Bryant, William Cullen


1847 ALS to an aunt from the popular 19th century American poet & editor



Autograph ID: 4296
Condition: Very good, mail folds
Description: “(1794-1878) American romantic poet (Thanatopsis, To A Waterfowl, etc.), New York Evening Post owner-editor 1829-78, Democratic then Free Soil later Republican organ. In 1860, he was one of the prime Eastern exponents of Abraham Lincoln, whom he introduced at Cooper Union. That speech lifted Lincoln to the nomination, and then the presidency. In his last decade, Bryant shifted to translating Homer, working on the Iliad and the Odyssey 1871-74. Bryant edited the very successful Picturesque America, published between 1872 & 1874, a two-volume set lavishly illustrated which described scenic places in the US and Canada. He was also one of the principal authorities on homeopathy and as a hymnist for the Unitarian Church. Bryant was a major force behind the idea that became Central Park, and a leading proponent of creating the Metropolitan Museum of Art. He had close affinities with the Hudson River School of art and was an intimate friend of Thomas Cole.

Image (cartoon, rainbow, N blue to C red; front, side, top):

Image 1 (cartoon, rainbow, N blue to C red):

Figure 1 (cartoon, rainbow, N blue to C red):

ALS, 2-¼ pps (folded letter) on 10 x 8 blue-grey paper, New York, May 4 1847, to Miss C(harity). Bryant, his aunt in Vermont, responding to her letter and her inquiries concerning his mother’s health. As Bryant has just received letters from his brother Arthur and his niece Sarah, he is able to answer “with some precision.” He quotes from their letters noting Bryant’s mother’s frail and feeble condition, Bryant is glad she is not confined to her bed. He discusses railway plans between Burlington and Boston and possibly to New York, invites her to to visit Bryant and his wife, discusses New York vs. Vermont weather, Bryant’s daughters Julie & Fanny, his wife at their Long Island home planting dill and sweet marjoram. Bryant’s mother, Sarah, died on May 6, 1847, 2 days after the date of this letter.”

Type: Letter

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